The UNIA, which would become the Universal Negro Improvement Association and African Communities League, was comprised of members and followers who were mostly working class. This was one of the most important reasons for its strength, estimated at being from 6 to 11 million members and followers, and also one of the reasons it was greatly feared and hated by various imperialist governments and significant sectors of African middle class leadership, most of which saw assimilation into U.S. imperialist society as the only way to achieve their aspirations.
Garvey Makes Incredible Accomplishment in Building Steamship Line
In 1919, the UNIA founded the Black Star Line Steamship Corporation. This was one of several ventures that included the Universal Printing House, the Negro Factories Corporation, and the Negro World Newspaper, printed in three languages.
Marcus Garvey built a single internationl economic capacity for African people in the eraly 1900s that has not yet been duplicated. This was on of the many aspect of Garvey’s work to consolidate a single African nation.
All of these were among the efforts to create an economy around which the oppressed and dispersed African nation would be organized. Central to these efforts was the Black Star Line that was to initiate trade between Africans worldwide.
The Black Star Line venture failed because of a number of factors including inexperience on the part of Garvey and the UNIA. And, while the ineptitude of Garvey and the UNIA is something all his detractors, then and now, love to expound on as being the reason for the failure of the Black Star Line, this explanation overlooks the fact that this was not the primary reason for its failure. It also overlooks the significance of the creation of the Black Star Line.
The fact is that Garvey and the UNIA built a steam ship line in 1919 when almost the whole African world lived under white colonial domination, the exceptions being the nominal independence of Liberia and Ethiopia. Additionally, this was only a little more than 50 years after the formal emancipation of enslaved Africans in the U.S. and during the year that was the bloodiest in post-emancipation America in terms of anti-African terror launched by whites in the U.S.
Clearly, this was not a sign of ineptitude. If anything, it was miraculous.
Also, the hostility of the U.S. and white society to African economic advancement during the period is revealed in the fact that only two years after the launching of the Black Star Line, the Black Wall Street in Tulsa, Oklahoma was attacked and bombed, destroying it. Today no one claims that the destruction in Tulsa was due to the ineptitude of the African business people there.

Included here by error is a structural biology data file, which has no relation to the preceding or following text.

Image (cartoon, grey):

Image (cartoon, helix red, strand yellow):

No. Ineptitude was not the primary factor in the failure of the Black Star Line. The most critical factor in its failure was the active opposition and sabotage by the U.S. government, the white left, and the African petty bourgeoisie. The Communist Party USA worked tirelessly to undermine Garvey while the NAACP and W.E.B. Du Bois actively sought the support of the U.S. attorney general to acquire a ship that could be used to destroy the Black Star Line.
Along with the white left and African petty bourgeois active opposition, the Bureau of Investigation (precursor to the FBI), launched its own vicious campaign to rid the imperialist world of Marcus Garvey and the UNIA. In 1922, Garvey would be indicted by the U.S. government on contrived charges of using the mail to defraud through sale of the Black Star Line stock.
Though the charge was politically motivated and facilitated by agents who worked within the Black Star Line for the U.S. government, Garvey was tried and imprisoned in 1925. He spent two years in prison before being released and deported to Jamaica.
The movement that Garvey led would never be the same after his imprisonment and deportation. Agents and opportunists within the organization and enemies without were finally able to render the UNIA ineffective. Garvey, from his location in Jamaica and separated from the connections and membership in the U.S. — which was then becoming a major imperialist center — was unable to effectively defend the organization. On June 10, 1940, Marcus Mosiah Garvey died in relative obscurity in London, England.